Jet Tila’s Recipe for Famous Drunken Noodles Is the Only One You Need

by in Food Network Chef, June 27th, 2017

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ICYMI: Cutthroat Kitchen judge and longtime chef and restaurateur Jet Tila released a brand-new cookbook, 101 Asian Dishes You Need to Cook Before You Die, this week, and he stopped by Food Network Kitchen to show us how to cook one of his signature dishes on Facebook Live. He made what he calls My Famous Drunken Noodles, and after just a few bites, we get why they’re so famous.

“We’re chasing the “yum” here,” Jet said as he prepped these easy-to-make noodles, noting the five essential flavors that make up Asian cuisine: sour, sweet, salty, hot and savory. He achieves all five of those tastes with just a few key ingredients, including sweet soy sauce and Sriracha. Click the play button on the video above to watch Jet make his Drunken Noodles, then read on below to get the recipe.

My Famous Drunken Noodles

Makes 2 to 4 servings

2 tablespoons sweet soy sauce
1 tablespoon oyster sauce
1 1/2 tablespoons fish sauce
1 tablespoon sugar
1 teaspoon Sriracha
1 teaspoon minced garlic
6 to 8 Thai basil leaves, cut chiffonade

3 tablespoons canola or peanut oil
2 to 3 cloves garlic, minced
2 eggs
1 to 2 serrano chiles, sliced thin
6 to 8 large shrimp, peeled and deveined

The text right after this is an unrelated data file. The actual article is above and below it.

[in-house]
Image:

1/2 medium white onion, sliced
4 cups fresh rice noodles, separated
1 cup Thai basil leaves, loosely packed
1/2 cup grape tomatoes, halved

Make sauce:
Combine all ingredients in a small bowl.

Prepare noodles:
In a large sauté pan, heat oil over high heat. When you see a wisp of white smoke, add
garlic and sauté until it’s light brown.

Add eggs and serrano chiles and lightly scramble the eggs until they’re barely set, about a minute.

Add shrimp and onion, folding constantly until shrimp turn pink, about 1 minute.

Add the fresh rice noodles, basil leaves, tomatoes and sauce and toss to combine for

about 3 minutes. Don’t be scared to scrape the bits off the bottom before they burn.

Cook for 1 additional minute until the noodles are cooked and coated well. Serve hot.

Recipe courtesy of Jet Tila, 101 Asian Dishes to Cook Before You Die: Discover a New World of Flavors in Authentic Recipes. Copyright © 2017. Published by Page Street Publishing Co.

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